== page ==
Two recent moments in which performers stepped outside acceptable public standards:

1. On the ABC The Chaser team produce a sketch using the tragedy of terminally ill children to make a vague and poorly executed point about … well, that remains unclear. No genuinely sick children were harmed in the production of the sketch.

2. On 2DayFM Kyle Sandilands and Jackie O attack a 14-year-old girl to a lie detector in a live, nationally syndicated morning radio segment and allow her mother to quiz her on her sexual history. This should have been sufficiently appalling, but things, as we know, went downhill from there.

The response to both incidents has been instructive. In one case, executives in the offending broadcaster acted quickly to discipline those involved — in what was essentially nothing more than a lapse in taste and good judgment — and pull the guilty performers off air. In the other case, a tabloid fury has erupted that has done as much to enhance the celebrity of the participants as it has to condemn possibly one of the most egregious and humiliating exploitations of a child for commercial advantage that one might imagine.

The question is what can be done? The website of the radio station has filled with messages of support:

Kyle and Jackie O

I listen to your show every day, I was listening yesterday and I will continue to listen in the future but if you don’t stop going on about yesterday I am going to turn the radio off! Stop justifying yourselves, you did nothing wrong! This goes to show just how much the media blows everything out of proportion. It is so obvious to me that the comments made yesterday by the girl were a shock to you both and it was also obvious how regretful you both were that it ended up on air. Now PLEASE get on with the show 🙂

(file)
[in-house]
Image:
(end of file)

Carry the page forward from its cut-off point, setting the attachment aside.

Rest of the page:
Kyle Sandilands appears more shocked by the reaction than apologetic for what amounts to something close to nationally broadcast child abuse. Anyway, “rape happens”.

In Australia, the holder of the broadcasting licence is the party subject to the regulations that govern the industry, not the individual broadcaster. Austereo — the employer of Sandilands and O — will presumably exploit every wrinkle of the natural justice provisions of the Broadcasting Services Act to prolong whatever interaction they may eventually have with the Australian Communications and Media Authority, actions that will probably involve little more than a long-delayed flogging with limp lettuce.

In the meantime, it’s easy to imagine that the broadcaster, its advertisers and its boorish “personalities” will be celebrating all the attention. They may even turn it to profit.

Media regulation is complex. It should not veer to the censorious, but clearly its reliance on broadcasters to impose reasonable standards on their performers is an expectation that is at best unevenly applied.